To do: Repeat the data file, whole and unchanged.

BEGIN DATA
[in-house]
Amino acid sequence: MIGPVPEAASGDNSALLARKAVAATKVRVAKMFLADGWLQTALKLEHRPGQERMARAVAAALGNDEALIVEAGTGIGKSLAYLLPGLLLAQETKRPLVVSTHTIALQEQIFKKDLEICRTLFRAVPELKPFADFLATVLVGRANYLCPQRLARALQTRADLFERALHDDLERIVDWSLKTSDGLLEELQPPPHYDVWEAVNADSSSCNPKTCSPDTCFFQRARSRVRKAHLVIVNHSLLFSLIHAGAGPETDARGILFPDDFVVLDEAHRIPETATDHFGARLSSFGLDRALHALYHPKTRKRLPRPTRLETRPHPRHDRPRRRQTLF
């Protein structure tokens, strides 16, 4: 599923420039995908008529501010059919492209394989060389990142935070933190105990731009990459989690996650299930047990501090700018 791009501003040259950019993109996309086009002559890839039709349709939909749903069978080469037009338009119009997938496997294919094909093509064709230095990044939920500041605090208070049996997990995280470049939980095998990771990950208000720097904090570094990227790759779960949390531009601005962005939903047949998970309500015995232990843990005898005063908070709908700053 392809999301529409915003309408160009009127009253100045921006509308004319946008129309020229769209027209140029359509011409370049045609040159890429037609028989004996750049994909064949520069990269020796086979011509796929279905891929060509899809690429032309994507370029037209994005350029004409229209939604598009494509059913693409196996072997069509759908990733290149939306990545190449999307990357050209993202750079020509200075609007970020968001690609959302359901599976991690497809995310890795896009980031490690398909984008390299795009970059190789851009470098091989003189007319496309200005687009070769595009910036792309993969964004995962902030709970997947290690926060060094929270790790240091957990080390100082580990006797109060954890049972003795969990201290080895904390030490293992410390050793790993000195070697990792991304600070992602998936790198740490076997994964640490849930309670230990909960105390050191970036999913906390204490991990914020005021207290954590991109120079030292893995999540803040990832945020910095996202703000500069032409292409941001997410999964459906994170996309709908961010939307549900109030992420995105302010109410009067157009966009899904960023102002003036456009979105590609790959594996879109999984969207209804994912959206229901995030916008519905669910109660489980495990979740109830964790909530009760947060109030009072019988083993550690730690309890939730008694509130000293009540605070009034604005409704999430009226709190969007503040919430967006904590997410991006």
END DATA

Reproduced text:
[in-house]
Amino acid sequence: MIGPVPEAASGDNSALLARKAVAATKVRVAKMFLADGWLQTALKLEHRPGQERMARAVAAALGNDEALIVEAGTGIGKSLAYLLPGLLLAQETKRPLVVSTHTIALQEQIFKKDLEICRTLFRAVPELKPFADFLATVLVGRANYLCPQRLARALQTRADLFERALHDDLERIVDWSLKTSDGLLEELQPPPHYDVWEAVNADSSSCNPKTCSPDTCFFQRARSRVRKAHLVIVNHSLLFSLIHAGAGPETDARGILFPDDFVVLDEAHRIPETATDHFGARLSSFGLDRALHALYHPKTRKRLPRPTRLETRPHPRHDRPRRRQTLF
């Protein structure tokens, strides 16, 4: 599923420039995908008529501010059919492209394989060389990142935070933190105990731009990459989690996650299930047990501090700018 791009501003040259950019993109996309086009002559890839039709349709939909749903069978080469037009338009119009997938496997294919094909093509064709230095990044939920500041605090208070049996997990995280470049939980095998990771990950208000720097904090570094990227790759779960949390531009601005962005939903047949998970309500015995232990843990005898005063908070709908700053 392809999301529409915003309408160009009127009253100045921006509308004319946008129309020229769209027209140029359509011409370049045609040159890429037609028989004996750049994909064949520069990269020796086979011509796929279905891929060509899809690429032309994507370029037209994005350029004409229209939604598009494509059913693409196996072997069509759908990733290149939306990545190449999307990357050209993202750079020509200075609007970020968001690609959302359901599976991690497809995310890795896009980031490690398909984008390299795009970059190789851009470098091989003189007319496309200005687009070769595009910036792309993969964004995962902030709970997947290690926060060094929270790790240091957990080390100082580990006797109060954890049972003795969990201290080895904390030490293992410390050793790993000195070697990792991304600070992602998936790198740490076997994964640490849930309670230990909960105390050191970036999913906390204490991990914020005021207290954590991109120079030292893995999540803040990832945020910095996202703000500069032409292409941001997410999964459906994170996309709908961010939307549900109030992420995105302010109410009067157009966009899904960023102002003036456009979105590609790959594996879109999984969207209804994912959206229901995030916008519905669910109660489980495990979740109830964790909530009760947060109030009072019988083993550690730690309890939730008694509130000293009540605070009034604005409704999430009226709190969007503040919430967006904590997410991006």